Working in the cloud. You might have seen the meme “There is no cloud, it’s just someone else’s computer.” But is it? What does it really mean to work ‘in the cloud’? This week we’ll explore some of the cloud-based options for both personal and professional use.
Credit: Nicole Beauchamp
You can read more about working in the cloud in ‘More Detail’ below, then take a look at the activities under ‘Try’ and finally, share your thoughts and comments with us under ‘Share’.
View this reading list on a personal Google Doc (5 – 10 minutes).
For CDU staff: explore CDU Connect and Yammer. Join the 23 Things group, and any others that interest you (15 – 30 minutes).
Share your thoughts with us in the comments below.
Many people consider the cloud simply as a place to store files or images somewhere else, usually because the device they are using has limited capacity, or because they want to share them with others. You might have used Dropbox or Google Drive or other services in this way. Griffith (2016) explains: “In the simplest terms, cloud computing means storing and accessing data and programs over the Internet instead of your computer’s hard drive.”
Some of the more common examples of cloud computing include Microsoft OneDrive, Microsoft Office Online, Microsoft SharePoint, Google Drive, Apple iCloud, Amazon Cloud Drive and Dropbox. So, what are some of the benefits and the risks of cloud computing?
Benefits (note: not all systems have all capabilities)
Access to files from any device, anywhere
Easy sharing of files
Option to set permissions for different people: view only or edit
Simultaneous editing by multiple users
File synching across devices
Offline access to files
Increased storage capacity
Increases participation opportunities for remote and working from home colleagues
Version history available.
Disadvantages and Risks
Cloud-based applications may have limited features compared to desktop version
May not support all file types
No control of system outages
Costs of storage: some services provide a limited capacity free of charge, with additional monthly fees for extra storage
Security: it’s common to have security software installed on a computer, however many people don’t extend that to their mobile devices
Staff at CDU have access to both SharePoint and OneDrive, with each used for different purposes. OneDrive is personal and made for individuals to share files with others: a staff member can create a file and allow others access to view and/or edit. The individual determines who has access to the file and what they can do with it. SharePoint file repositories are managed by the organisation, with permissions set at various levels determining who can access particular items. As an example, CDU VET Lecturers use SharePoint to access VET Resources and Forms (templates) and to store and access completed and validated teaching resources. Through the organisation wide SharePoint, staff can also access Yammer, the enterprise social network helping to build communities of interest to bring people together around shared topics, interests, or areas of practice. You might like to look for and join the 23 Things group.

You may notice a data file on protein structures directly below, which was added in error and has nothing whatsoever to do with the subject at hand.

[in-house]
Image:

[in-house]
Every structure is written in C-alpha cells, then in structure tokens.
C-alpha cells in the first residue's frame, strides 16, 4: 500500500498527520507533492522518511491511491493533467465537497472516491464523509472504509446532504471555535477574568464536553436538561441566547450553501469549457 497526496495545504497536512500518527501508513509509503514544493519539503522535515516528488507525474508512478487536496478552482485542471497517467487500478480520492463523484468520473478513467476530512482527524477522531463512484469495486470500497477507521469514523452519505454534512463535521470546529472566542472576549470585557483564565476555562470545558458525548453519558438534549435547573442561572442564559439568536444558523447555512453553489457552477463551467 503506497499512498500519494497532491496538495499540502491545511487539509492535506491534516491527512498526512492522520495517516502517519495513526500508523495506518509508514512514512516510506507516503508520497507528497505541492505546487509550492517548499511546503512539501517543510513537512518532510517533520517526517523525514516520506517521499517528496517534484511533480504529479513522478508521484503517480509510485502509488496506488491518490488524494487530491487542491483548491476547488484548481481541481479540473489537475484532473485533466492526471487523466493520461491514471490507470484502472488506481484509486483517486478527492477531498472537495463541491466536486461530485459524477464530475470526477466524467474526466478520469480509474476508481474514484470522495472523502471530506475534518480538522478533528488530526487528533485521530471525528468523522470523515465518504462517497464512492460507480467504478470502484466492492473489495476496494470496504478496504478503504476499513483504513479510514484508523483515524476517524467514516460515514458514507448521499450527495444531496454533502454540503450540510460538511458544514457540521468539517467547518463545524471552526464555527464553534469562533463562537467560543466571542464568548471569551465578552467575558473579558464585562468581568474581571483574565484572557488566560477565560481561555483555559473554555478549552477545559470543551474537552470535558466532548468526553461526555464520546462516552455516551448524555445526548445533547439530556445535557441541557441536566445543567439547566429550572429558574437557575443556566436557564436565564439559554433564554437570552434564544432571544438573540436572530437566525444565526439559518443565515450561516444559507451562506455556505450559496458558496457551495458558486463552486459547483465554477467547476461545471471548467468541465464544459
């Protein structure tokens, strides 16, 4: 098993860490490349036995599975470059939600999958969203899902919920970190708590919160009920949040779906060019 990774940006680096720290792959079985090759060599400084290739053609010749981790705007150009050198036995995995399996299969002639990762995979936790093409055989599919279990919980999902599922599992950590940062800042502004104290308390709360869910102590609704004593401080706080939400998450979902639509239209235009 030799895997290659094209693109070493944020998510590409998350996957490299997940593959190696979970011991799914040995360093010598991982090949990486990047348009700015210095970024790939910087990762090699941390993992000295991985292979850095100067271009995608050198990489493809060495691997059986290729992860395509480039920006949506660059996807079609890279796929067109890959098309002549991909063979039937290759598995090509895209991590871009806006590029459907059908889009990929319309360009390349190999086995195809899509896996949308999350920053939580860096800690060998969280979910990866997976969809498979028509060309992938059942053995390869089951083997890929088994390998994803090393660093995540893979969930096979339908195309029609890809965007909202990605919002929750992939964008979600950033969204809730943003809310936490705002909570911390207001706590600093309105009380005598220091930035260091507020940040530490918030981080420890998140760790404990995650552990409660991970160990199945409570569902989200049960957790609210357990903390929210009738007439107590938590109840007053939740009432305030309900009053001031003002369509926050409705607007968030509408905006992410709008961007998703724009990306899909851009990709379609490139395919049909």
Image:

Microsoft OneDrive is available to all CDU staff and students, and this 1 minute video gives a brief introduction.
Additionally, there are more introductory and advanced user videos available through LinkedIn Learning (accessed via the Portal) and YouTube.
The 1 Minute CPD website hosts a suite of (1 minute) videos covering many of the tools contained with Google Drive, including Slides, Docs, Sheets, Chrome and Forms. With these applications you can create and share documents, spreadsheets, a range of forms and screencasts; storing, then sharing them through your own Google Drive account.
However, there are a few things to consider before sharing information to a cloud-based server:
Do the files contain any sensitive information?
Are the files yours to share, or do you have permission to share?
Who will have access to the files, and what level of access?
How long will the files be stored in a cloud-based service?
With that in mind, try some of the activities above.
Share your tips on working in the cloud. What services do you use and why? What things do you consider? What other resources have you found helpful?